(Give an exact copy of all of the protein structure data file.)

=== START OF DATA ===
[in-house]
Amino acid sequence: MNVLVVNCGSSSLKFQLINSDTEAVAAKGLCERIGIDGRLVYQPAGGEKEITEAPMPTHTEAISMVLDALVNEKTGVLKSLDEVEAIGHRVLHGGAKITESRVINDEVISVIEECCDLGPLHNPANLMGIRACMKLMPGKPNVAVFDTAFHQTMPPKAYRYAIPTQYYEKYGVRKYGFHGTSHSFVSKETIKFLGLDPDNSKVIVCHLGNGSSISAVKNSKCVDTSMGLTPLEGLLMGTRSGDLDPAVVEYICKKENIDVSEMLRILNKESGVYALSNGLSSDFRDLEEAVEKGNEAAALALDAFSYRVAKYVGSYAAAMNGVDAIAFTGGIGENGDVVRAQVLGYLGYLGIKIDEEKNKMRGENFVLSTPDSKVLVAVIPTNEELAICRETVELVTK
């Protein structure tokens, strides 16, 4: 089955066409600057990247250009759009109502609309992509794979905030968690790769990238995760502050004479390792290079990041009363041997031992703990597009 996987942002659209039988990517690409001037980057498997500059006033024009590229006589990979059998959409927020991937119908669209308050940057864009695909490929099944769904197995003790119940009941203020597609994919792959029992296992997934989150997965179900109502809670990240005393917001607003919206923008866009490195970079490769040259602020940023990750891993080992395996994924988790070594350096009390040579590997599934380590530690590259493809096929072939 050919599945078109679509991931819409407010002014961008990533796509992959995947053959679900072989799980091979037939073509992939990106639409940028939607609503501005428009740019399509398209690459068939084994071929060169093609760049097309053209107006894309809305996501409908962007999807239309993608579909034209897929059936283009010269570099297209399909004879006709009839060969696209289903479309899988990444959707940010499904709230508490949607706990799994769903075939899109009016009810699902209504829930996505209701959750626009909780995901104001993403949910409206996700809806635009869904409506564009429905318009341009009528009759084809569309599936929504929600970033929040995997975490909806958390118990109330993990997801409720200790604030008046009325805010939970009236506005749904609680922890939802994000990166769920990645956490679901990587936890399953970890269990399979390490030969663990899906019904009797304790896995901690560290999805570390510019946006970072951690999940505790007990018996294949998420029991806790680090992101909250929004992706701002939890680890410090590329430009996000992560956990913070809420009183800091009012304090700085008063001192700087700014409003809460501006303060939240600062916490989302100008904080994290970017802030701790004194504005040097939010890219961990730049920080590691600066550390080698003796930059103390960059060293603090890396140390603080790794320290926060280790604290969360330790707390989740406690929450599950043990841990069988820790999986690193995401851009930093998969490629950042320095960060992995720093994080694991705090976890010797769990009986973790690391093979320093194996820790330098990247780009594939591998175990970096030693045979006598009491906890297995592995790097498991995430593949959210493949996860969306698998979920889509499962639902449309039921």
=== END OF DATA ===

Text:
[in-house]
Amino acid sequence: MNVLVVNCGSSSLKFQLINSDTEAVAAKGLCERIGIDGRLVYQPAGGEKEITEAPMPTHTEAISMVLDALVNEKTGVLKSLDEVEAIGHRVLHGGAKITESRVINDEVISVIEECCDLGPLHNPANLMGIRACMKLMPGKPNVAVFDTAFHQTMPPKAYRYAIPTQYYEKYGVRKYGFHGTSHSFVSKETIKFLGLDPDNSKVIVCHLGNGSSISAVKNSKCVDTSMGLTPLEGLLMGTRSGDLDPAVVEYICKKENIDVSEMLRILNKESGVYALSNGLSSDFRDLEEAVEKGNEAAALALDAFSYRVAKYVGSYAAAMNGVDAIAFTGGIGENGDVVRAQVLGYLGYLGIKIDEEKNKMRGENFVLSTPDSKVLVAVIPTNEELAICRETVELVTK
């Protein structure tokens, strides 16, 4: 089955066409600057990247250009759009109502609309992509794979905030968690790769990238995760502050004479390792290079990041009363041997031992703990597009 996987942002659209039988990517690409001037980057498997500059006033024009590229006589990979059998959409927020991937119908669209308050940057864009695909490929099944769904197995003790119940009941203020597609994919792959029992296992997934989150997965179900109502809670990240005393917001607003919206923008866009490195970079490769040259602020940023990750891993080992395996994924988790070594350096009390040579590997599934380590530690590259493809096929072939 050919599945078109679509991931819409407010002014961008990533796509992959995947053959679900072989799980091979037939073509992939990106639409940028939607609503501005428009740019399509398209690459068939084994071929060169093609760049097309053209107006894309809305996501409908962007999807239309993608579909034209897929059936283009010269570099297209399909004879006709009839060969696209289903479309899988990444959707940010499904709230508490949607706990799994769903075939899109009016009810699902209504829930996505209701959750626009909780995901104001993403949910409206996700809806635009869904409506564009429905318009341009009528009759084809569309599936929504929600970033929040995997975490909806958390118990109330993990997801409720200790604030008046009325805010939970009236506005749904609680922890939802994000990166769920990645956490679901990587936890399953970890269990399979390490030969663990899906019904009797304790896995901690560290999805570390510019946006970072951690999940505790007990018996294949998420029991806790680090992101909250929004992706701002939890680890410090590329430009996000992560956990913070809420009183800091009012304090700085008063001192700087700014409003809460501006303060939240600062916490989302100008904080994290970017802030701790004194504005040097939010890219961990730049920080590691600066550390080698003796930059103390960059060293603090890396140390603080790794320290926060280790604290969360330790707390989740406690929450599950043990841990069988820790999986690193995401851009930093998969490629950042320095960060992995720093994080694991705090976890010797769990009986973790690391093979320093194996820790330098990247780009594939591998175990970096030693045979006598009491906890297995592995790097498991995430593949959210493949996860969306698998979920889509499962639902449309039921």